What’s in a Name?
It’s a famous line from William Shakespeare’s most notorious play, Romeo & Juliet. Of course, Juliet is referring to Romeo’s last name and basically saying, it doesn’t matter, I still love him anyways. The Thorold Blackhawks are saying, whoa, hold up, we like our name and want to keep it.
It’s been a controversy since at least last season, and it’s coming to a head again.
Back in October, Jeff Blay wrote an article that was published in the St. Catharines Standard. Mitch Baird, a resident in Thorold and of Mohawk descent, took to Facebook to raise awareness of why he wants the Blackhawks to change their name and their logo.
Well I had this article from Yahoo Sports emailed to me on Tuesday.
Now, I am not of Native descent, so of course my opinion is a little bias, but I don’t see anything wrong with the team name or logo. Ok, maybe the logo is a little outdated and perhaps they could bring it up to 2014 standards.
Throughout sports, there is always a team with a name representing the Natives. Chicago Blackhawks, Atlanta Braves, Cleveland Indians, Washington Redskins, Edmonton Eskimos, you get the point. Just Google sports teams with indian names and it takes you to a Wikipedia page listing them all.
Back when the Rockets first started, in the 1994-1995 season, Chatham was known as the MicMacs. In 1995, they changed their name to Maroons. Back in 1995, I was 11 and I didn’t understand why they changed their name. It just didn’t make sense to me, but it was explained that MicMac was offensive to the Natives, so they changed it. It’s now been further explained to me that they designed a new logo as well, with a Chief head with long feathers and a battle axe as a hockey stick, and the Natives in Kent County hated it and demanded it changed.
But then in 2001, Tecumseh went from the Bulldogs to the Chiefs. Their logo, pictured below, was an arrowhead with long feathers hanging from the sides. Their goal song was what I will refer to as the tomahawk song. I understand that Atlanta Braves use the same song at their games. Tecumseh was the Chiefs until they moved to LaSalle in 2008. In our day and age, if this is so politically incorrect, why were they allowed to be the Chiefs for so long? Were the Tecumseh residents just more accepting of it because the town of Tecumseh is named after the leader of the Shawnee Tribe and their town seal, pictured below, is of their interpretation of Chief Tecumseh?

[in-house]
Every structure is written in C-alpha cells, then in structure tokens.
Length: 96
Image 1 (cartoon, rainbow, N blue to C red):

In the Mid-West, you have Stratford, who have been the Cullitons since 1975. Their logo is below, a basic Chief head. They also have the tomahawk song. Every time I’m in Stratford, it reminds me of those long road trips to Tecumseh with my Partner-in-Crime, Hockey_Girl. Stratford’s minor hockey system is the Warriors and they basically have the same logo.
Now, as far as I know, nobody has raised an issue about Stratford or Tecumseh. I can almost bet that if Tecumseh hadn’t moved, they would still be the Chiefs today.
Locally, I believe that Thorold is the only team that is having issues about their name. On a side note, Thorold has been the Blackhawks since 1982, I don’t know when they adopted their logo.
In one of those articles, Mr. Baird says that you shouldn’t name your team something that you can’t call a person, ie. you wouldn’t walk up to someone and call them a Blackhawk, so why would you name your team that?
So that begs the question, what is a Blackhawk? This is taken from Wikipedia.
Black Hawk, born Ma-ka-tai-me-she-kia-kiak, (1767 – October 3, 1838) was a war leader and warrior of the Sauk American Indian tribe in what is now the Midwest of the United States. Although he had inherited an important historic medicine bundle from his father, he was not a hereditary civil chief. Black Hawk earned his status as a war chief or captain by his actions: leading raiding and war parties as a young man, and a band of Sauk warriors during the Black Hawk War of 1832.
So by reading this, I interpret it that being a Blackhawk means being a leader and being a warrior. These are qualities that you want in a hockey player. You want them to go out every night and battle for you like they’re in a war.
I realize that this debate, about the name Blackhawk, isn’t new. This has been around for ages and it recently stems from the demands that the Washington Redskins of the NFL change their name and logo. Whether it’s right or wrong is a debate that will last a lifetime.
In the end, Mr. Baird is going to get what he wants and Thorold will change their name and logo, whether it’s willingly or by force. But some day, someone will come along and decide that being called a Canuck and having a beaver for a logo is offensive, and Niagara Falls will have to change their name too.
I’m sure if you tried hard enough, you could find something wrong with every name and their logo, but at the end of the day, a name is just a name and it doesn’t matter what you call them.